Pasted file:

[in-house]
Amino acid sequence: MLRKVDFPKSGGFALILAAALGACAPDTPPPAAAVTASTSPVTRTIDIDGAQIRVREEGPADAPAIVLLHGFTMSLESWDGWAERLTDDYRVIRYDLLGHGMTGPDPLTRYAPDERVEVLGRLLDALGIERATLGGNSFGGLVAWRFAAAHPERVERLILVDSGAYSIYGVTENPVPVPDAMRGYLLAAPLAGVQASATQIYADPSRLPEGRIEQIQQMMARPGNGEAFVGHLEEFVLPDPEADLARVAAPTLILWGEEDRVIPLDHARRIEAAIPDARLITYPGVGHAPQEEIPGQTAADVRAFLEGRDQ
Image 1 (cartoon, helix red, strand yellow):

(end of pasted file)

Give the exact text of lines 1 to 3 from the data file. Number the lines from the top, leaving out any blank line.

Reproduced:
[in-house]
Amino acid sequence: MLRKVDFPKSGGFALILAAALGACAPDTPPPAAAVTASTSPVTRTIDIDGAQIRVREEGPADAPAIVLLHGFTMSLESWDGWAERLTDDYRVIRYDLLGHGMTGPDPLTRYAPDERVEVLGRLLDALGIERATLGGNSFGGLVAWRFAAAHPERVERLILVDSGAYSIYGVTENPVPVPDAMRGYLLAAPLAGVQASATQIYADPSRLPEGRIEQIQQMMARPGNGEAFVGHLEEFVLPDPEADLARVAAPTLILWGEEDRVIPLDHARRIEAAIPDARLITYPGVGHAPQEEIPGQTAADVRAFLEGRDQ
Image 1 (cartoon, helix red, strand yellow):